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Central Texans' Obamacare Coverage Hinges on Supreme Court Decision

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Filipa Rodrigues/KUT News

The U.S. Supreme Court hears arguments today over part of the Affordable Care Act. It’s a case that could have an impact on hundreds of thousands of Texans who bought insurance on the federal marketplace.

It comes on the heels of the Obama Administration’s announcement last month that some people who bought insurance through the online marketplace were given tax forms with incorrect information about their coverage in 2014.

Still, some Central Texans are still trying to cut through the confusion, even as the health law’s future hangs in the balance.

Across the aisle from the food court in Highland Mall, some folks are doing some shopping. But they’re not comparing the prices on a pair of jeans or some new sunglasses. They’re trying to buy health insurance.

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Credit Filipa Rodrigues/KUT News

“That’s why we’re here, is that people really need assistance navigating this process,” says Elizabeth Colvin, director of a non-profit called Insure Central Texas. “Some of the questions, if you read them literally, you’re not going to get the right answer on the eligibility letter. And there are plenty of questions that are using ‘terms of art’ based on the tax code. So, if you don’t understand what they’re asking, you’re going to get the wrong results.”

Those wrong results might mean you to pay too much for your insurance, or even suffer a fine on your taxes if you can’t find a plan you can afford. Because that’s really the main rule of the Affordable Care Act: You’ve got to have insurance.

“What’s unpopular is the individual mandate to carry insurance and that’s what basically everyone knows about,” says Sam Richardson, a professor at UT’s LBJ School of Public Affairs. “Without it, the law basically doesn’t work.”

Richardson has a Ph.D. in health policy and teaches a class looking at the implementation of the Affordable Care Act.

But it’s the tax subsidies that help some people pay for insurance plan that are at issue in the case before the Supreme Court today.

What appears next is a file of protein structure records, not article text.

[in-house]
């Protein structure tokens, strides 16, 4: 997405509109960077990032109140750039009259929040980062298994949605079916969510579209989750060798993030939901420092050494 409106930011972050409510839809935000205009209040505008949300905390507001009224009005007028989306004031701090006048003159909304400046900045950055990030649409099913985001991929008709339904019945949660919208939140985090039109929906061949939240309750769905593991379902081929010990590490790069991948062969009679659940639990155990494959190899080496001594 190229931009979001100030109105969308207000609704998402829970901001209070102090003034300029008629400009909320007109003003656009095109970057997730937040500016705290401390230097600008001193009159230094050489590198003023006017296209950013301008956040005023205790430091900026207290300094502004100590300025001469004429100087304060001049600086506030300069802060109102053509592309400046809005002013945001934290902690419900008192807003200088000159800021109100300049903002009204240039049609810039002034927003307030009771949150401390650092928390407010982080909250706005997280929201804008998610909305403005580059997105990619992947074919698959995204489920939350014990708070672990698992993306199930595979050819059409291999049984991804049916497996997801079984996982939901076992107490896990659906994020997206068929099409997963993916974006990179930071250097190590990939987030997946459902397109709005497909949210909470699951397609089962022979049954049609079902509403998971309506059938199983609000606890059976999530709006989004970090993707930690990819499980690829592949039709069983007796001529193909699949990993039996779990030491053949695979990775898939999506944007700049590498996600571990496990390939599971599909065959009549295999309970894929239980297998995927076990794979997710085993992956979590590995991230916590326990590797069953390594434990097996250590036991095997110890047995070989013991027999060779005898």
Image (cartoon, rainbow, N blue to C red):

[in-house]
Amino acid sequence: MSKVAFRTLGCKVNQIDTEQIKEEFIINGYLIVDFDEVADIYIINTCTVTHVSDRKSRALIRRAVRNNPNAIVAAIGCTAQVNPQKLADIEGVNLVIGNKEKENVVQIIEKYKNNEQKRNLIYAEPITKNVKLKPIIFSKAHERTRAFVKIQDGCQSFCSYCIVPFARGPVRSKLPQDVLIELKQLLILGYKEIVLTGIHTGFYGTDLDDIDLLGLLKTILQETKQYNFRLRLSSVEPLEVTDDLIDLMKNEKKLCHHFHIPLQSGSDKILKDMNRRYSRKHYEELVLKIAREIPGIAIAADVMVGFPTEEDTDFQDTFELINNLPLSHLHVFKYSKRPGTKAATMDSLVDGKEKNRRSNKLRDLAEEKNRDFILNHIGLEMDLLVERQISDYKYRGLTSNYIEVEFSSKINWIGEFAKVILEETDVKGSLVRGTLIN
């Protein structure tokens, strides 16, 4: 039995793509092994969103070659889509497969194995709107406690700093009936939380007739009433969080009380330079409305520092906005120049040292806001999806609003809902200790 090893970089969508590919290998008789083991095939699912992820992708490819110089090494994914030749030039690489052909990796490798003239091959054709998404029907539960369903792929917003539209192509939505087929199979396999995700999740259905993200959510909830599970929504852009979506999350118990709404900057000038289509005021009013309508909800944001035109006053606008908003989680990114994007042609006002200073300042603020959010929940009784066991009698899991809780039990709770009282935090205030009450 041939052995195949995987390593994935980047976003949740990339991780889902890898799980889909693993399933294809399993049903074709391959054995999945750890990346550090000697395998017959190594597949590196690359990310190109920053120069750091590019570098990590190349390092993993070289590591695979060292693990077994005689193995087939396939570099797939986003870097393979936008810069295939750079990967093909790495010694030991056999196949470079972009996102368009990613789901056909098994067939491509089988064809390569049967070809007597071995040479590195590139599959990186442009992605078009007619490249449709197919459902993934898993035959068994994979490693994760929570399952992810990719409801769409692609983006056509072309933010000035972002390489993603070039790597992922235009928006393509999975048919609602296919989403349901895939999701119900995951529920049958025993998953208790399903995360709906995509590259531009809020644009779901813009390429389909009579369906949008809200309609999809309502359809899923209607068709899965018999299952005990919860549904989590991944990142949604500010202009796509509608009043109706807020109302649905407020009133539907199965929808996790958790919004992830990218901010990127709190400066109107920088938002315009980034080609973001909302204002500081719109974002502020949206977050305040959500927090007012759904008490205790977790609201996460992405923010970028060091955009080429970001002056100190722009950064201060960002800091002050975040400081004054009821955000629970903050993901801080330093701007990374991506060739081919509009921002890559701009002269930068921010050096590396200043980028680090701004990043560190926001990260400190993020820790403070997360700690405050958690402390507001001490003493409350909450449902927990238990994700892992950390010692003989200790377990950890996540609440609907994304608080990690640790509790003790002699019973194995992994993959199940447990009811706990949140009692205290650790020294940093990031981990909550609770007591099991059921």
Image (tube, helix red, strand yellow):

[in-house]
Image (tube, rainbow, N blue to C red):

The case revolves around four words in a law that’s hundreds of pages long. Challengers say that the words "established by the State" make clear that subsidies are only available to people living in the 16 states that set up their own insurance exchanges. Texas is one of the 34 that opted not to build its own – and instead relies on the insurance marketplace run by the federal government. Richardson admits even experts can’t tell what the court is going to do.

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Credit Filipa Rodrigues/KUT News

“It’s hard to say,” Richardson says. “It comes down to a question of whether the Supreme Court rules based on the literal reading of the words in the law or based on the intent of the people drafting the law. It’s pretty clear that they did not intend the subsidies to only be available on the state-based marketplaces.”

Regardless of what the Court does, if you’re without insurance for longer than three months, you’re going to pay a fine. Last year it was $95 or one percent of your household income. This year, the penalty would be $325 or two percent.

But in order to hopefully eradicate the mistakes on the tax forms, the Department of Health and Human Services created an extended enrollment period from March 15 through April 30 this year. They’re hoping more people sign up for healthcare so they can avoid the fine.

Veronica Rangel and her family were insured, so she didn’t pay a fine last year, and she doesn’t intend to do so in 2015. She was at Highland Mall with her mom and her sister to make sure they’ve got all their ducks in a row. She says they tried to do it themselves online, but after noticing a number of problems, they sought out some help.

“It’s something to follow up on, making sure that everything is corrected,” she says. “Because it was completely wrong. Not completely wrong, but there were errors.”

Rangel says she wants to keep her insurance, but she was surprised at the price tag even at her family’s income level.

“It’s pretty expensive, if you look at all the plans they have as far as the different types, it’s pretty costly,” she says. “It doesn’t seem like it’s really affordable.”

And without federal tax subsidies, it’s not going to get any cheaper.

If the Supreme Court strikes down the subsidies in states like Texas, it doesn’t necessarily void the law, it just changes the market for insurance.

An estimated 5 million people nationwide would no longer be eligible for subsidies.

That means fewer Americans, and Texans, are likely to be insured.

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